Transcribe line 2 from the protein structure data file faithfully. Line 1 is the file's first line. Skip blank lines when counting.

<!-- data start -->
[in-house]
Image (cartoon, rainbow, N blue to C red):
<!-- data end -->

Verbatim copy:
Image (cartoon, rainbow, N blue to C red):